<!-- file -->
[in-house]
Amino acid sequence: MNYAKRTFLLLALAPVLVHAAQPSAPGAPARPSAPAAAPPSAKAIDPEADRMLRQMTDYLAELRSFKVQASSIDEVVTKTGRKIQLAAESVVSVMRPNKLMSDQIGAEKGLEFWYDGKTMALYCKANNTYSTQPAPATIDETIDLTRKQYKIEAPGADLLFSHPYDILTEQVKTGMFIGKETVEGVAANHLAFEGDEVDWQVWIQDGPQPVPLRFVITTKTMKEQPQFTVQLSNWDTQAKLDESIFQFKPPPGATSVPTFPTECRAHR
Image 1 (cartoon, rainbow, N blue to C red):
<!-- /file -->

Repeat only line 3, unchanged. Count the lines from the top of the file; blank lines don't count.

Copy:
Image 1 (cartoon, rainbow, N blue to C red):